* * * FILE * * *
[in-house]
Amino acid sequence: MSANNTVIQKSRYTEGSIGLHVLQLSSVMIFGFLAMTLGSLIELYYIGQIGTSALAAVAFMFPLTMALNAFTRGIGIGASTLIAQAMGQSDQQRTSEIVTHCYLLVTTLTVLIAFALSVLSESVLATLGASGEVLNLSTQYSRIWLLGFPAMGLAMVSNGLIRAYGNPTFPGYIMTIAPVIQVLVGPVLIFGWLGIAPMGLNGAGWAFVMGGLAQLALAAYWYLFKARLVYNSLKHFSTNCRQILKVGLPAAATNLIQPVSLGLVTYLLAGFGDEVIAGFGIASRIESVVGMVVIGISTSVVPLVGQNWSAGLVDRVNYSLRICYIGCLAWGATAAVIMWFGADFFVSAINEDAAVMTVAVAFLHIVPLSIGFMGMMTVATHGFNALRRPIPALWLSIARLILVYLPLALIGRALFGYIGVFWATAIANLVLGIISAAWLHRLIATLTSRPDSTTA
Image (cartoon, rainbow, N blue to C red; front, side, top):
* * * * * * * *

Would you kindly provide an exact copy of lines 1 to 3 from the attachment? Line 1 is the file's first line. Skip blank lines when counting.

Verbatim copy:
[in-house]
Amino acid sequence: MSANNTVIQKSRYTEGSIGLHVLQLSSVMIFGFLAMTLGSLIELYYIGQIGTSALAAVAFMFPLTMALNAFTRGIGIGASTLIAQAMGQSDQQRTSEIVTHCYLLVTTLTVLIAFALSVLSESVLATLGASGEVLNLSTQYSRIWLLGFPAMGLAMVSNGLIRAYGNPTFPGYIMTIAPVIQVLVGPVLIFGWLGIAPMGLNGAGWAFVMGGLAQLALAAYWYLFKARLVYNSLKHFSTNCRQILKVGLPAAATNLIQPVSLGLVTYLLAGFGDEVIAGFGIASRIESVVGMVVIGISTSVVPLVGQNWSAGLVDRVNYSLRICYIGCLAWGATAAVIMWFGADFFVSAINEDAAVMTVAVAFLHIVPLSIGFMGMMTVATHGFNALRRPIPALWLSIARLILVYLPLALIGRALFGYIGVFWATAIANLVLGIISAAWLHRLIATLTSRPDSTTA
Image (cartoon, rainbow, N blue to C red; front, side, top):